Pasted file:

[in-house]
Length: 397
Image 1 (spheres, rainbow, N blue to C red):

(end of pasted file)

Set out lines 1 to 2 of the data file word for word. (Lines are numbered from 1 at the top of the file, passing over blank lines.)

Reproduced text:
[in-house]
Length: 397